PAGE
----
Climate change comes home to Sri Lankans | Sunday Observer

Climate change comes home to Sri Lankans

“Change is the only unchangeable reality in the world,” goes a saying. But, does it have to be? Though change is natural and inevitable, some changes naturally go beyond – such as climate change.

With the dawn of the New Year, bizarre climate trends were experienced round the globe. USA and Canada marked record low temperatures, with the bomb cyclone snowstorm in USA resulting in sub freezing temperatures. Temperature in many areas in USA dropped to approximately minus 40 degrees Celsius. Experts have noted that exposed skin under this temperature can freeze within minutes.

Meanwhile, Australia is experiencing a massive heat wave. Temperature in Sydney soared to 47.3 Celsius last Sunday (7), the highest that New South Wales has experienced in 78 years. Warnings were issued in Sydney, on ozone pollution, a consequence of extremely high temperatures.

On Monday(8), several areas in Singapore experienced flash floods, after a heavy downpour. On Wednesday (10), a tsunami warning was issued to the Caribbean, following a 7.8 Richter scale earthquake in Honduras.

Some raised concerns that this bizarre and simultaneous weather patterns are the result of global warming.

However, speaking of the bomb cyclone, CEO of Global Weather Oscillations, David Dilley has told the Express that “cold snap is the combination of a La Nina event (period of cooling of surface waters of the Pacific Ocean) and the onset of global cooling. Thus, it is the beginning of a long-term colder cycle that will last from 50 to 100 years.”

Dilley argues, “earth is coming off a 230 year global warming cycle and moving on to a 120 year cooling period.”

There was a time when global warming and climate change were considered to be an inherently western phenomenon. However, with the change in rainfall patterns, increase in temperature, ground frost in the hill country, and with frequent formation of cyclones, climate change has come home to Sri Lankans.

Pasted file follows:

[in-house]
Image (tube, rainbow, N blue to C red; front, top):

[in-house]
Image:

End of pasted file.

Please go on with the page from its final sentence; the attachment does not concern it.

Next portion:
According to NASA, climate change refers to a broad range of global phenomena created predominantly by burning fossil fuels, which add heat-trapping gases to Earth’s atmosphere. These phenomena include the increased temperature trends described by global warming, but also encompass changes such as, sea level rise, ice mass loss in Greenland, Antarctica, the Arctic and mountain glaciers worldwide, shifts in flower or plant blooming, and extreme weather events.

Global warming is the gradual increase of earth’s atmospheric temperature levels due to the release of green house gases caused by combustion of fossil fuels.

Speaking of climate change, Vice Chair of the UN Intergovernmental Panel on Climate Change (IPCC-AR4), Prof. Mohan Munasinghe, who shared the 2007 Nobel Prize for Peace, said, in the last century, global temperature has increased by about one degree Celsius, while sea level has risen by about 1.8 centimeters.” If the trend continues, the temperature will go up by three degrees Celsius or more by 2100, indicating that the temperature rise is accelerating.

A further sea level rise of at least 50 centimeters could be expected by the end of the century, if no action is taken,” Prof. Munasinghe said.

He said, these events are primarily the result of carbon emissions from energy use and deforestation.

Sri Lanka’s role in climate change

Sri Lanka’s role as a contributor to climate change is very low, said Prof. Munasinghe. He said, on a per capita basis, Sri Lanka’s Green House Gas (GHG) emissions are only a very small fraction, when compared with US and Europe. “Therefore, we are not a principal offender, although we are now seeking to further increase the share of renewable energy, beyond the significant amount of energy already produced by our large hydroelectric schemes,” he said.